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Posts Tagged ‘Frank McCourt’

Who Will Buy the Boston Globe?

For east coast media watchers, that’s a big question today, the deadline for getting a bid in to the Boston Globe‘s NYT parent company.

Emily Steel, U.S. media and marketing correspondent for the Financial Times, shared a definitive rundown Wednesday of today’s likely bidders. Today, it’s the turn of Stacey Vanek Smith, a senior reporter for Marketplace Morning Report:

Bids for the Globe are expected to be in the $100 million range. The New York Times company paid more than a billion dollars for the publication 10 years ago.

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Report: Koch Brothers Circling Tribune Co. Assets

Ha ha. Hillel Aron, ably working the LA Times transition-phase beat for LA Weekly, warns that today’s reported rumblings should probably be taken not so much with a grain of salt but rather a dollop of it. Nonetheless, with Tribune Co. reps having recently hinted they would prefer to find a single buyer for the company’s entire daisy chain of newspaper assets, this makes a lot of on-newsprint sense:

Multiple sources tell LA Weekly that Charles and David Koch — the infamous right-wing billionaire brothers — are considering an offer on either the Tribune Co. newspaper group, which includes the LA Times, the Chicago Tribune and the Baltimore Sun or the entire Tribune Co., which includes more than 20 stations like WGN and KTLA Channel 5.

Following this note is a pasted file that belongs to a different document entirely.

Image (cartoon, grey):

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GQ Serves Up Tasty Cheers Anniversary Present

Today of course, the pitch would be all about the “reality” of a Boston walk-down bar. A vehicle designed to allow viewers to follow along as real-life customers chew on the Red Sox, the Patriots, the Bruins and billionaire Frank McCourt.

But 30 years ago, the sitcom still ruled the prime time TV airwaves. And as the October issue of GQ wonderfully celebrates, there was no better example of the artform than the show launched on September 30, 1982. There is so much great stuff in the mag’s Cheers oral history. Here are just a couple of bar-nut size teases:

James Burrows: When I got the first draft of the pilot from Les and Glen [Charles], I said to my wife, “Oh, my God, these guys have brought radio back to television.” They had written this smart, intellectual story. I’d never seen anything like that on TV before—just guys sitting around, talking.

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Forbes Sends Dodgers to the Discount Bin

Even though the gang at Guggenheim Partners, with a key assist from Magic Johnson, paid $2.15 billion for the Los Angeles Dodgers, Forbes magazine believes the team is presently worth less. A lot less.

The magazine’s just released list of “The World’s 50 Most Valuable Sports Teams” puts forth the kind of instant-depreciation that would make even a car salesman blush. Check it out:

#1 Manchester United ($2.23 billion)
#2 Real Madrid ($1.88 billion)
#3 New York Yankees ($1.85 billion)
#3 Dallas Cowboys ($1.85 billion)
#5 Washington Redskins ($1.56 billion)
#6 Los Angeles Dodgers ($1.4 billion)
#6 New England Patriots ($1.4 billion)
#8 Barcelona ($1.31 billion)
#9 New York Giants ($1.3 billion)
#10 Arsenal ($1.29 billion)

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This Picture is Worth 2 Billion Words

The passing of the torch as Magic Johnson and Frank McCourt are all smiles at Opening Day from Petco Park in San Diego.

Photo: Jon SooHoo/Los Angeles Dodgers

LA’s Magical New Baseball Anthem

At the nadir of the bankrupt Frank McCourt era, FishbowlLA offered up what we felt was a more fitting version of baseball’s seventh inning anthem. We’re sure glad we don’t have to sing that song anymore.